Wednesday, April 14, 2010

Copying work has been copied. Once I came across a reproduction of one of my jewelry designs on display in a gallery I might have enjoyed showing in. Such revelations never make me happy, but mainly for reasons you might not expect.

No one creates in a vacuum. Everything experienced on a conscious and unconscious level impacts our self-expression. Inspired by the world around us, we attempt to find our own creative center and define an individual point of view.

Inspired by the paintings of Wassily Kandinsky.

Every artist knows the difference between being inspired and copying. Inspiration is a positive influence. It ignites a creative spark and encourages self-discovery. Copying has the opposite effect. It cancels out the opportunity to find our unique vision because it circumvents our inner creative process.

This was one of the most valuable ideas I explored with students when I taught art. The issue of copying concerns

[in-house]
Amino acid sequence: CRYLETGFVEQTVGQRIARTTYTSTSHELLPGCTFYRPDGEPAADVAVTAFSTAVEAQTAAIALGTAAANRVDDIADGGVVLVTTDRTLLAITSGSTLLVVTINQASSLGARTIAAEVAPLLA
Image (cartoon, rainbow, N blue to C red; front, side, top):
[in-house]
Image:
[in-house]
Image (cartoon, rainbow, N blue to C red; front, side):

self-awareness and being clear about personal motivation. For instance, I know that I create to discover my authentic, evolving aesthetic. Connecting with my artist-self is the most dynamic part of my process. Growth expands and transforms my perspective as well as my output. What I go through to produce my work is as important as any actual piece I make. It's often more important as it shapes the character of my art.
Read what other artists in the Snow Leopard Network think about copying: Andes Cruz, Jewelry by Natsuko, Beth Cyr, Tosca Teran, Tamra Gentry, Mary Spencer, Thomasin Durgin, Susan Moloney, Rosy Revolver.